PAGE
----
- BSc in Physics at Glasgow University 1965
- PhD in Radio Astronomy at Cambridge University 1969
- Research then Teaching Fellow University of Southampton 1968-1973
- Open University tutor 1973-1987
- Part time technical then research staff at Professor at University College London 1974-1982
- Part time staff, Royal Observatory Edinburgh 1982 - 91
- Professor of Physics at Open University 1991-2001
- Dean of Science at University of Bath 2001-2004
- Visiting Professor at University of Oxford 2004- present
Dame Jocelyn Bell Burnell
Innovator in Focus
Born in Lurgan, Co. Armagh, Dame Jocelyn Bell Burnell was introduced to science and maths by her father at a young age. She regularly accompanied him on surveys of land in his role as an architect and developed a love of science and a respect for data. An avid reader, she read the books he borrowed from the Linenhall Library. One in particular, Fred Hoyle’s Frontiers of Astronomy, proved to be the spark that ignited her passion for astronomy and physics and steered her to a career that has spanned over 50 years.
Her parents supported her desire to learn science at secondary school at a time when it was common for only boys to study the subject. She chose to study at Glasgow University and, like many women pursuing a career in science at the time, faced derision and bullying from her male peers. She graduated in 1965 with a Bachelor of Science degree in Physics with honours and went on to study at Cambridge University where her discovery of pulsars in 1967, solidified her place as one of the most important scientists in the world.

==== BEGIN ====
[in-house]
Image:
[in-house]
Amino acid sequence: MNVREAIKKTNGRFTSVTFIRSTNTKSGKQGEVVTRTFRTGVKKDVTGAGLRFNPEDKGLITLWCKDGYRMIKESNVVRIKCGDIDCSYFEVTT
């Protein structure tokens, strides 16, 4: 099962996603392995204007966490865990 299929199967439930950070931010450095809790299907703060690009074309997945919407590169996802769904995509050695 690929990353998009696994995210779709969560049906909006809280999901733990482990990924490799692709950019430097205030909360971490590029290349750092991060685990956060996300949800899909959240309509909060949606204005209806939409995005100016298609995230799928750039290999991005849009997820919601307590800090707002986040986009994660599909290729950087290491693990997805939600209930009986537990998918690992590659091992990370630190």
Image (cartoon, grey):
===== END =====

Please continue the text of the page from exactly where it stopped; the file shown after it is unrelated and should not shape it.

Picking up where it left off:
She has one son, Gavin Burnell, who is also a Physicist.
Dame Jocelyn Bell Burnell’s time started at Cambridge University in 1967, where she began working with Antony Hewish on the study of quasars assisting him in the construction of an array radio telescope. Quasars had only recently been discovered and much of her work involved examining pages of radio wave signals that were being picked up by the radio telescope. Her close examination of these signals led to one of the most important discoveries in astrophysics, pulsars.
Pulsars are neutron stars that spin very fast and emit beams of electromagnetic radiation. They are formed when stars, even larger than the sun, run out of fuel and collapse causing a massive explosion called a supernova.
The discovery of pulsars culminated in the awarding of the Nobel Prize for Physics to her supervisor, Antony Hewish and fellow Cambridge astronomer, Martin Ryle. Controversially, Professor Bell Burnell was not a recipient of the award but she felt, as a research student, it would not have been appropriate to have been included.
She went on to work at several different universities around the UK as well as being a tutor for the Open University. In 2018, she was awarded the Special Breakthrough Prize in Fundamental Physics, worth £2.3million, for her discovery of pulsars. She donated it to the Institute of Physics “to fund women, under-represented ethnic minority and refugee students to become physics researchers”. In July 2022, her discovery of pulsars was featured on the new Ulster Bank £50 note highlighting Northern Irish women in science.